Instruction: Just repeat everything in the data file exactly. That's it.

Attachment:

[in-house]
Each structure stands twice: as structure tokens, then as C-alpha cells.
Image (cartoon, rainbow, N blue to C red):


[in-house]
Each structure stands twice: as structure tokens, then as C-alpha cells.
Image (cartoon, rainbow, N blue to C red):